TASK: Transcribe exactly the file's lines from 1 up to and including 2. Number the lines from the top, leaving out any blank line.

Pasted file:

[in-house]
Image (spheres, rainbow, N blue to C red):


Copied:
[in-house]
Image (spheres, rainbow, N blue to C red):